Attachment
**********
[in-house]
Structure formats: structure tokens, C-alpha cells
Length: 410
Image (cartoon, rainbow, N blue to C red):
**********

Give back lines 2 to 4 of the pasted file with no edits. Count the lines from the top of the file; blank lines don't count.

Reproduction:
Structure formats: structure tokens, C-alpha cells
Length: 410
Image (cartoon, rainbow, N blue to C red):